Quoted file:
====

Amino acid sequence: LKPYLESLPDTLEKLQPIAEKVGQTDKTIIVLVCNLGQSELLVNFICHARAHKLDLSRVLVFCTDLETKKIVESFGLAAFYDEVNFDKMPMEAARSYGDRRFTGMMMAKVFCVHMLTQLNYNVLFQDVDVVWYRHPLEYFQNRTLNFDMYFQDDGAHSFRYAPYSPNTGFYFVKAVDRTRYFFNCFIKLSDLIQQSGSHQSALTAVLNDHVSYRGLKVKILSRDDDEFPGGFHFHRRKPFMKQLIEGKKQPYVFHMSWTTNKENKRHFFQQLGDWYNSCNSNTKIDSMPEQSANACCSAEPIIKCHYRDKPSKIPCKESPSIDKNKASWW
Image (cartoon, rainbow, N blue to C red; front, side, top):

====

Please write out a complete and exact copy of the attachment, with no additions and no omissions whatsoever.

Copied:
Amino acid sequence: LKPYLESLPDTLEKLQPIAEKVGQTDKTIIVLVCNLGQSELLVNFICHARAHKLDLSRVLVFCTDLETKKIVESFGLAAFYDEVNFDKMPMEAARSYGDRRFTGMMMAKVFCVHMLTQLNYNVLFQDVDVVWYRHPLEYFQNRTLNFDMYFQDDGAHSFRYAPYSPNTGFYFVKAVDRTRYFFNCFIKLSDLIQQSGSHQSALTAVLNDHVSYRGLKVKILSRDDDEFPGGFHFHRRKPFMKQLIEGKKQPYVFHMSWTTNKENKRHFFQQLGDWYNSCNSNTKIDSMPEQSANACCSAEPIIKCHYRDKPSKIPCKESPSIDKNKASWW
Image (cartoon, rainbow, N blue to C red; front, side, top):